There is a subgenre of comedy which draws much of its humor from shock value. Here, films have the audience laughing at the same time they think to themselves, "No way, they did not just say that." Of course, the characters have in fact said exactly that, but all too often without repercussions. The trick when making such a film is to be able to string together these humorous moments into a larger tapestry that one will actually want to watch and, if we're really lucky, truly enjoy.
The Jake Kasdan directed, Cameron Diaz starring, Bad Teacher doesn't quite make it. To be sure, the film has plenty of funny moments in it and if crude humor is your thing you'll find yourself chuckling repeatedly, but it is unable to turn these moments into something more.
In the film, Diaz plays a teacher, Elizabeth Halsey, who has no desire to teach. No, her only wish is to find a rich husband who will take care of her for the rest of her life. She actually has someone to fit the bill at the start of the movie, but he wises up and ruins her plans, forcing her—horror of horrors—to teach for another school year.
What had been a one year job threatens to turn into a career, and Elizabeth is forced to associate with the fellow teachers she shunned during her first year . These include Lucy Punch's Amy Squirrel, who rapidly grows to hate Elizabeth and Phyllis Smith's Lynn Davies, who, beyond being relatively meek and a teacher, isn't given much of a character at all.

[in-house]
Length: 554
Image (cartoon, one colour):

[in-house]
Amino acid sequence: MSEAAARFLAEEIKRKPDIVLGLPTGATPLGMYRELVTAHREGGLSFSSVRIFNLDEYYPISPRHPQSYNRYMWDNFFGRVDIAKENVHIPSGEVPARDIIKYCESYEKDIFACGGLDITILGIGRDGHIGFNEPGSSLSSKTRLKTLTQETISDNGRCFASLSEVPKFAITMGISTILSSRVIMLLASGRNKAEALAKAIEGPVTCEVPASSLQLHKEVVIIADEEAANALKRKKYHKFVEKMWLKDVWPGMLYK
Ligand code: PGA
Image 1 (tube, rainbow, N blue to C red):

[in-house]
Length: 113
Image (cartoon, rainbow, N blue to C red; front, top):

There is also Jason Segel's Russell Gettis, who, well, one can't ever quite figure out why he's a teacher. There is a scene in which he mentions that his life didn't turn out as planned, but that's as close as the film gets to an explanation.
You see, one of the places the film falls down is its desire to not actually tell us about anyone. Why does Elizabeth choose to keep teaching if her desire is to find a rich husband? Surely she could find a profession more suitable for that. Maybe though the school she works at has a high preponderance of single wealthy fathers. The could be, but it's never stated, it's never even hinted at. It is also never made clear why this woman who looks far closer to 40 than 25 is just now looking for a husband and how she spent her life prior to her starting to teach (which is clearly a relatively new profession for her). I am not suggesting that there is anything wrong in starting a search at that age, just that for someone who is so gung-ho about it, the notion that it hasn't come up sooner is a little weird.